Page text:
Wednesday, October 8, 2008

Dussehra - Vijaya Dashmi

All that is good in mankind is concentrated in the deeds of the god-king
Ram, the ruler of Ayodhya. Lord Rama, the moral man with his moral way of life are the reasons for celebrating India's popular festival of Dussehra and Diwali. Diwali comes exactly 20 days after Dussehra on Amavas (new moon), during fortnight of kartik, some time in October or November.

On the day of Dussehra, Ram, killed the great demon Ravan, who had abducted Ram's wife Sita to his kingdom of Lanka. Ram, along with his brother Lakshman and devoted follower Hanuman, and an army of monkeys fought a great battle to rescue his lovely wife Sita. The war against Ravan lasted for ten days. Sita had been returned to her husband Ram and they now make their way to Ayodhya in triumph and glory. Thus, it is on the Diwali day that Lord Ram, the incarnation of Lord Vishnu in the Treta Yug, returned to his capital Ayodhya after the exile of fourteen years.

Consequently, to commemorate the return of Ram, Sita and Lakshman to Ayodhya, people celebrate Diwali with the bursting of crackers and by lighting up their houses with earthen diyas. This grand style of celebration have continued, year after year. To this
day, the whole of Ramayana is enacted in dramas staged in huge pandals and maidans, in cities, towns and villages, on the occasion of Dussehra and Diwali.


In a week long fair in the hill town of Kullu, is part of the Dussehra celebrations. From the little temples in the hills, deities are brought in procession to the 'maidan' in Kullu, to pay homage to the reigning deity, Raghunathji. The celebration actually begins nearly 10 days in advance as per tradition.

In Mysore, Karnataka the Mysore palace is illuminated for a whole month during Dussehra and caparisoned elephants lead a colourful procession through the gaily-decorated streets of the city. It is the most colourful celebration of Dussehra in world. The spectacular procession taken out on this day is really enjoyable.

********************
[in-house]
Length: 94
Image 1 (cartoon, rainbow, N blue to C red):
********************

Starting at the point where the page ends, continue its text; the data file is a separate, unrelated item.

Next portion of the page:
In Tamil Nadu, the first three days are dedicated to the worship of Lakshmi, Goddess of wealth and prosperity, the next three days to Saraswati, Goddess of learning and arts and the last three days to Shakti (Durga).

In Tamil Nadu, Andhra Pradesh and Karnataka, families arrange dolls (Bommai Kolu) on artificially constructed steps and prepare an elaborate spread of lamps and flowers. Women traditionally exchange gifts of coconuts, clothes and sweets.


The whole set up is put on the very first day of Navaratri. Vijaya Dashamiy is an auspicious occasion for children to commence their education in classical dance and music, and to pay homage to their teachers.

In Punjab, Navaratri is taken as a period of fasting. In Gujarat, the evenings and nights are occasions for the fascinating Garba dance. The women dance around an earthen lamp while singing devotional songs accompanied by rhythmic clapping of hands.

In northern India, the festival wears the colourful garb of Ramlila wherein various incidents from Rama's life are enacted. Ramlila draws large number of people every year. The entire night of Dussehra passes in an enthusiastic and enchanting fair like ambience and people enjoy every bit of it. After Dussehra, the excitement of the Diwali grips the whole of India. (


vivekchavan said...

NIce blog .. Really india has rich culture.

himanshu Sharma said...

this blog is nice and informative

get detailed information about various indian festivals
Diwali, durga Pooja, Christmas on